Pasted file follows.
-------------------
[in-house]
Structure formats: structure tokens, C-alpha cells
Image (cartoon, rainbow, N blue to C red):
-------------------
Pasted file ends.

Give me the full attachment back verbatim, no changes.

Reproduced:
[in-house]
Structure formats: structure tokens, C-alpha cells
Image (cartoon, rainbow, N blue to C red):